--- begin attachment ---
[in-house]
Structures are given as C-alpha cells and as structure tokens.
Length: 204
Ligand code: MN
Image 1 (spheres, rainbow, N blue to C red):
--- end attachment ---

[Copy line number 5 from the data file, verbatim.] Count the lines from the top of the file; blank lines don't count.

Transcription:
Image 1 (spheres, rainbow, N blue to C red):